I crammed all of our clothes PLUS a whole ton of handmade baby gifts for the missionaries to give away, a pile of new toy cars for the little ones in Mary's group, 2 beautiful handmade blankets to give away, a massive amount of gently used clothes to give away, gifts for our judge (after he says YES) and gifts for the missionary's kids in TWO suitcases under the 50 lb weight limit!! 


Woo hoo..


Bag number one comes in at a whopping 49 1/2 lbs and bag number two at a measly 48 lbs.


And just in case those 2 mammoth bags get lost, I put all of our court clothes in their own bag. I stuffed our WINTER COATS in there too because rumor has it is it COLD over there!! 



Rounding out our pile of stuff is my nifty backpack purse and our computer bag which will house both our computers, a couple of books we will probably never ever open and a ton of snack food that we know we will eat.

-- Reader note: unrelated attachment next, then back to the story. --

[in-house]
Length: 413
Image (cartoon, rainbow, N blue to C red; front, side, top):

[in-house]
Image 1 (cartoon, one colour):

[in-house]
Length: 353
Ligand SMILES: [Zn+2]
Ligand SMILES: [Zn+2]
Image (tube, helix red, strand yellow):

Thank the Lord my husband is coming!!


Otherwise I would need to hire a camel.


We are only going to be gone for 6 days!!


We can't wait!!


We get to see this precious treasure!



Little girl... Mama and Papa are coming soon!!

Court is on Tuesday!!







Wednesday, October 4, 2017

The Lord is Going Before Us



A week ago we wondered... waited... prayed... despair weighing down our hearts...

Hague issues... corrupt ministry officials... lost interpols... an agency in uproar... missed court... and a little girl waiting for her Mama.

The darkness was swirling around us. The mountains seemed so high and we felt so small.

And then the mountains began caving in around us.  We stared in awe and wonder. In just a matter of hours we watched as one section after another started crashing down.

Crashing mountains are awesome to behold!